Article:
Florida has the highest rate of sinkholes in the country, and insurance to cover any damage that might be caused by this kind of phenomenon is guaranteed for residents of the Sunshine State. Fortunately, sinkholes are not an everyday occurrence, and we usually only hear of those that swallow sections of highway or gobble up cars. However, some of these depressions develop gradually, causing damage to part of your home or property. If this happens, your next step is to file a claim with your insurance company, but this is not necessarily a simple matter with satisfactory results.

The sinkhole defined

A sinkhole is a depression or hole that forms in the crust of the earth. It can result from either natural or manmade causes. Many are by-products of earthquakes. Excess groundwater from heavy rains and flooding may cause erosion, which can lead to the formation of a sinkhole. A ground shift of only an inch or two can bring about severe damage to your home; to such an extent, in fact, that it might not be safe for you and your family to continue living there.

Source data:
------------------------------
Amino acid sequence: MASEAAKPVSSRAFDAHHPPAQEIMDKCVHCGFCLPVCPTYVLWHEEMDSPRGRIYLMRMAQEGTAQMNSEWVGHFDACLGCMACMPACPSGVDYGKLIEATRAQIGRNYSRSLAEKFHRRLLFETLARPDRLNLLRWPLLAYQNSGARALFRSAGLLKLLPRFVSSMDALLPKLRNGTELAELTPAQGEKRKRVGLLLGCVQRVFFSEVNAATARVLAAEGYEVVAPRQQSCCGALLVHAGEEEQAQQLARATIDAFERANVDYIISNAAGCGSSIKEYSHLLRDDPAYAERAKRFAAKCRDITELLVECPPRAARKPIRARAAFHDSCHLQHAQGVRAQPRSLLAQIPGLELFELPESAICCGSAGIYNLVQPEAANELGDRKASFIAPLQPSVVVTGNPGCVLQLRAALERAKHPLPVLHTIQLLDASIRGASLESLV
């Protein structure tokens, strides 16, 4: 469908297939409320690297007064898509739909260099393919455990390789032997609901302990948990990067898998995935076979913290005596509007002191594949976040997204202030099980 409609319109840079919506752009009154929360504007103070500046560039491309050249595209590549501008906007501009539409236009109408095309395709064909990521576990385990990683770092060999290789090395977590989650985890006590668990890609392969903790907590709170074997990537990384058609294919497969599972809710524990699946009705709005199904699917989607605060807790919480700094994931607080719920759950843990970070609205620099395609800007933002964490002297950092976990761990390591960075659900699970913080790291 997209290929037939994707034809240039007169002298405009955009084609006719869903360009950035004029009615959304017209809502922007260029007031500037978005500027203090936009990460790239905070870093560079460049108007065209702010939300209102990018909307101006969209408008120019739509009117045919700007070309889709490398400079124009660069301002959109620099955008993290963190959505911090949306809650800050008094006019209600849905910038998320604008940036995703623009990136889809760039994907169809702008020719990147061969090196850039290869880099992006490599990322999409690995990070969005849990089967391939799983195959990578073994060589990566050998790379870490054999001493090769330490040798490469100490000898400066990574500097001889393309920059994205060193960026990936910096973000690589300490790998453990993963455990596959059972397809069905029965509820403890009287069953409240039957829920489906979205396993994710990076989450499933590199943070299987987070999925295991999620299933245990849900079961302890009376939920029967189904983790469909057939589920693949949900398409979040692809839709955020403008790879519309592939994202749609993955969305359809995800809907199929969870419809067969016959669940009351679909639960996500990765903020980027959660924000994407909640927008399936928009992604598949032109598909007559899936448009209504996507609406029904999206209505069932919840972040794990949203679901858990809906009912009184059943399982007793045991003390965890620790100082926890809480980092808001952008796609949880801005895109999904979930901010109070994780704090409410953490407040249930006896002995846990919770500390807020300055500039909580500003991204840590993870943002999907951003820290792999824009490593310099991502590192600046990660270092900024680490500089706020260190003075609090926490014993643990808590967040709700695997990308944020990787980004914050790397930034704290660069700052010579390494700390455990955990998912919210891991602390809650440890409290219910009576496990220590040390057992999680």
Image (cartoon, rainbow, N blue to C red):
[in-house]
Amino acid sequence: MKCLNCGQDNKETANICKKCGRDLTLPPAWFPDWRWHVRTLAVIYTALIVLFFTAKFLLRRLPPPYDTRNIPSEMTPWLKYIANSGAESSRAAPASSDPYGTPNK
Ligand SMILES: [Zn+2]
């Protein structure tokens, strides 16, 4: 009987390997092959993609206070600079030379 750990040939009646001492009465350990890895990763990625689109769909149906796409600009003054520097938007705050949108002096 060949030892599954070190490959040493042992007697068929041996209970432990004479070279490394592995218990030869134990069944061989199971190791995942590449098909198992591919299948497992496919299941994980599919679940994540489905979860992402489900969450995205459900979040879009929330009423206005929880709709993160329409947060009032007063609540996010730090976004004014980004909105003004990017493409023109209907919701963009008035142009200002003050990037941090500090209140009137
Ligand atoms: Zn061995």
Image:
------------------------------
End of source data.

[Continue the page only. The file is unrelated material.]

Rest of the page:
Spotting a possible disaster

A potential sinkhole shows itself in various ways, and it is wise to be alert to any noticeable changes on your property. Be aware of cracks that develop around your doors or windows; you might also find them harder to open. Look for any depressions that develop in your yard or deep cracks in your driveway or in the street beyond. Another warning of potential trouble is the appearance of sediment in your drinking water.

What insurance covers

If your home sustains damage from a sinkhole, you can file a claim with your insurance company. They will send someone out to investigate. If a sinkhole is confirmed, you will have the option of having it repaired or accepting a negotiated settlement.

Running into problems

The process of filing a sinkhole insurance claim can be complicated, and you may wish to have expert advice and assistance. There is also a possibility the report prepared by the insurance company investigator states the damage to your home was not caused because of a sinkhole. In this case, your insurance claim would be denied. If you disagree with the finding, it might be wise to have a geologist or geotechnical engineer review the report. In any case, you can reach out to an attorney experienced in handling insurance issues of this type who can defend your rights and act on your behalf in dealing with the insurance company.